Because the angular intensity distribution of the Mie results for any scatterer has an oscillatory distribution,18 we explore the application of Fourier transforms on both the Mie simulation results and the experimental results and perform wide-angle comparisons in Fourier domain. Figures 7c and 7d show the representative comparisons in the Fourier domain for both 9.6- and beads [frequency components greater than 20 (1/mm) are with very small amplitudes and not shown here], respectively. The typical peak for the experimental result was determined as the highest frequency peak from the dominant part of the full Fourier spectra. As there is no single scatterer in the medium that is larger than the bead, the amplitudes of the frequency components beyond this typical peak are significantly smaller. The comparisons show that the bead has a typical peak located at 4.1 (1/mm) both from Mie simulations and experimental results, and 6.2 (1/mm) for the bead. In Fig. 7, the Fourier transforms of the Mie simulation results give only one dominant peak over the whole Fourier spectrum for each bead size. Thus the bead sizes can be estimated by the locations of this dominant peak. These typical peak positions [Figs. 7c and 7d] in the Fourier domain correspond to the frequency of intensity oscillations [Figs. 7a and 7b] in the space domain, and increase with the particle sizes. The use of the frequency of oscillations in the intensity of scattered light to assess size has also been demonstrated by Canpolat and Mourant.27 In Figs. 7c and 7d, good agreements are obtained for the typical peak positions between the Mie theory and experimental results in the Fourier domain.
Fourier analysis for size differentiation
The above study shows that the oscillatory property of the scattered intensity distribution will give certain peaks in the frequency domain. Applying this principle for beads ranging from 4 to in diameter, a Fourier method for size differentiation is developed. Peak-by-peak comparisons in the spatial domain are complicated by nonuniform intensity variations resulting from the geometrical projection, losses, and background noise. The above analysis shows that a Fourier analysis can be used to extract the frequency components from the scattered signals despite the experimental background that is present in our current experiments. Note that intensity variations cannot change the locations of the Fourier peaks. This size differentiation method has advantages over the normal optical microscopy for spherical particle size differentiation, as a normal optical microscope requires a rigid focus and is not suitable for performing measurements on objects in fluidic flow. The Fourier method developed here can potentially be useful for the real-time characterization of cell samples in clinics.
The Fourier transform was applied to all the Mie simulations and the experimental results for the polystyrene beads ranging in size 4 to . In Fig. 8 , the open squares and triangles indicate the Fourier results for the Mie simulations of the beads with an air gap 1 [see Fig. 2b] of thickness 350 and , respectively. The cross signs are the Fourier results for the experimental patterns as shown in Fig. 6. Referring back to Fig. 2b, the thicknesses of air gap 1 and air gap 2 play important roles as the light travels from an optically dense medium into air. As shown in Fig. 8, an air gap thickness of gives higher frequency peak position values as compared with an air gap thickness of . In both cases, the correlation between the Fourier peak position and the bead size is linear.
A Fourier analysis was also performed on different sets of experimental results. Each set of the experimental results includes 4-, 9.6-, 15-, and beads. The Fourier peak positions of the other three sets of experimental scatter patterns are denoted as plus signs, open circles, and solid dots in Fig. 8. The 512-point Fourier transform that has been used has a resolution of approximately 0.27 in frequency (1/mm), which gives an uncertainty of approximately for the size estimations [from Figs. 7c and 7d]. The Fourier peaks of the experimental results shown in Fig. 8 fall within this uncertainty range. The solid line in Fig. 8 is a linear regression of all the experimental results. This linear curve can be used to perform size calibrations independent of Mie theory. Despite differences that result from the air gap 1 thickness, Fig. 8 shows the effectiveness of the Fourier method for size differentiation.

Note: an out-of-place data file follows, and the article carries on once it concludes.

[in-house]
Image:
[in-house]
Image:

The Fourier transform method that is developed here can be used for measuring particles as small as or even smaller by using a shorter incident wavelength illumination with a wider angle of observation. We have performed Mie theory simulations of 750- and 1500-nm polystyrene beads with the same layer thicknesses and material as in the present study but over a wider angular range of , with a short laser illumination wavelength of . A Fourier analysis of these spectra shows that the 750-nm bead has a sharp typical peak at 0.42 (1/mm), while that of the 1500-nm is at 1.05 (1/mm), with a resolution of 0.105 in frequency (1/mm). Even with the current restricted angular range of , we have measured several scatter fringes of a bead [Fig. 6a ′], which lead to a well-defined peak in the Fourier spectrum. As long as we can identify several such intensity maxima, which correspond to a submicron-sized bead in the current geometry, our method will work. Future improvements that include a wider angle observation with an illumination source that has a shorter wavelength would improve the resolution of the spectral method below the current limit to particle sizes of several hundred nanometers.
As discussed above, the Fourier transform analysis of the light scattering in the angular range has a frequency resolution of 0.105 (1/mm), which corresponds to a resolution of for size differentiation. This higher resolution can be used to study the distributed cell and organelle sizes. The calibration curve of Fig. 8 can be applied in size determination of scatterers of arbitrary size provided a characteristic peak can be identified in the Fourier spectrum.
An integrated microfluidic waveguide cytometer that is capable of obtaining high-resolution 2D side-scatter patterns has been introduced in this paper. The obtained 2D scatter patterns together with the no-lens planar optical design ensure a better resolution of the angular dependence of the side-scatter spectra. The use of Mie theory or simulation methods such as the FDTD to validate the experimental results are dramatically simplified when such an integrated structure is used. A Fourier method was developed for size differentiation of homogeneous spherical scatterers. The analysis is confirmed by Mie theory simulations of scattering from the polystyrene beads used in the experiment. Currently, the experimental setup is capable of observing only side-scattered light. Interestingly, this angular region has been shown in previous studies to be particularly sensitive to the affects of nanoscale particles such as organelles within biological cells, as was demonstrated in a publication of 2D light scattering patterns from Raji cells.17
The authors thank NanoFab (University of Alberta, Canada) for supporting the fabrication of the microchips. This work is supported by the Natural Science and Engineering Research Council (NSERC) of Canada.